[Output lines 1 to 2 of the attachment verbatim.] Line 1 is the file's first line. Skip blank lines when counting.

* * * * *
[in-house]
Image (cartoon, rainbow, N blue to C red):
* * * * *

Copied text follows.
[in-house]
Image (cartoon, rainbow, N blue to C red):